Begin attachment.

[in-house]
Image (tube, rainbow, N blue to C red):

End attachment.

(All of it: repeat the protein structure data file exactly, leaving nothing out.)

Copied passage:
[in-house]
Image (tube, rainbow, N blue to C red):